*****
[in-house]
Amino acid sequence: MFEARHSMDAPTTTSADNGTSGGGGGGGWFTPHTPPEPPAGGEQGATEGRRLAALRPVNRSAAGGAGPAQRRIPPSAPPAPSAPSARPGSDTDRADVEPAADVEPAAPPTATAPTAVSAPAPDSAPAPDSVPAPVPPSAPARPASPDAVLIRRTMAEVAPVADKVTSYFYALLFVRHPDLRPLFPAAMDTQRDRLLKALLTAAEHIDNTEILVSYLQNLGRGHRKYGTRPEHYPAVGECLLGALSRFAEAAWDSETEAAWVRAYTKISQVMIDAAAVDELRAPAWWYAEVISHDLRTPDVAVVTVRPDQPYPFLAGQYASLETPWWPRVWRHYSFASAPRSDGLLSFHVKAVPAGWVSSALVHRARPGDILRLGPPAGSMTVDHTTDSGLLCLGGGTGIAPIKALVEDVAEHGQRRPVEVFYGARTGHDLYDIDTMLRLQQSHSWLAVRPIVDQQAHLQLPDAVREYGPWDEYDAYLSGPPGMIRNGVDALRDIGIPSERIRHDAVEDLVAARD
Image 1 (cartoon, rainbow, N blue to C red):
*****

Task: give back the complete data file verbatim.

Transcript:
[in-house]
Amino acid sequence: MFEARHSMDAPTTTSADNGTSGGGGGGGWFTPHTPPEPPAGGEQGATEGRRLAALRPVNRSAAGGAGPAQRRIPPSAPPAPSAPSARPGSDTDRADVEPAADVEPAAPPTATAPTAVSAPAPDSAPAPDSVPAPVPPSAPARPASPDAVLIRRTMAEVAPVADKVTSYFYALLFVRHPDLRPLFPAAMDTQRDRLLKALLTAAEHIDNTEILVSYLQNLGRGHRKYGTRPEHYPAVGECLLGALSRFAEAAWDSETEAAWVRAYTKISQVMIDAAAVDELRAPAWWYAEVISHDLRTPDVAVVTVRPDQPYPFLAGQYASLETPWWPRVWRHYSFASAPRSDGLLSFHVKAVPAGWVSSALVHRARPGDILRLGPPAGSMTVDHTTDSGLLCLGGGTGIAPIKALVEDVAEHGQRRPVEVFYGARTGHDLYDIDTMLRLQQSHSWLAVRPIVDQQAHLQLPDAVREYGPWDEYDAYLSGPPGMIRNGVDALRDIGIPSERIRHDAVEDLVAARD
Image 1 (cartoon, rainbow, N blue to C red):